#db #schema #deserialize #rustaceans #store


fast, embedded, transactional, key value store

17 releases

new 0.1.17 Mar 19, 2023
0.1.16 Feb 18, 2023
0.1.0 Jan 13, 2023

#847 in Database interfaces

Download history 21/week @ 2023-01-08 2/week @ 2023-01-15 3/week @ 2023-01-22 93/week @ 2023-01-29 196/week @ 2023-02-05 160/week @ 2023-02-12 87/week @ 2023-02-19 9/week @ 2023-02-26 12/week @ 2023-03-05 8/week @ 2023-03-12

150 downloads per month
Used in db-rs-derive


798 lines


An ergonomic, embedded, single-threaded database for Rustaceans.


  • Define a schema in Rust.
  • Use your types in the database as long as they implement Serialize and Deserialize. You don't have to fuss around with converting your data to database-specific types.
  • All your database interactions are typesafe. When you type db., your tooling will suggest a list of your tables. When you select a table, you'll be greeted with that table-type's contract populated with your types. No need to wrap your db in a handwritten type safe contract.
  • Supports a variety of simple data-structures, including LookupTables, Lists, and many more. Implementing your own table types is trivial.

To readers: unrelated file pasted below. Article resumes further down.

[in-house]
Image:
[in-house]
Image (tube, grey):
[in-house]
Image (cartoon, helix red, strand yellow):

• All table mutations are persisted to an append only log using the fast & compact bincode representation of your types.
  • You can begin_transaction()s to express atomic updates to multiple tables.


Add the following to your Cargo.toml:

db-rs = "0.1.17"
db-rs-derive = "0.1.17"

Define your schema:

use db_rs_derive::Schema;
use db_rs::{Single, LookupTable};

struct SchemaV1 {
    owner: Single<Username>,
    admins: List<Username>,
    users: LookupTable<Username, Account>,

Initialize your DB:

use db_rs::Db;
use db_rs::Config;

fn main() {
    let mut db = SchemaV1::init(Config::in_folder("/tmp/test/"))?;

Active areas of thought and research

  • Because the db implementation (like redis) is single threaded, it forces you to achieve application throughput via low latency rather than concurrency. Currently, this suits our needs. Simply being embedded gives us more than enough throughput compared to something like Postgres. For use in a server-style setting put the database in an Arc<Mutex<>>.
  • The database offers no tools at the moment to define integrity constraints beyond what the Rust type system implicitly enforces (non-null for instance). At the moment for us, this is simply an application side concern.

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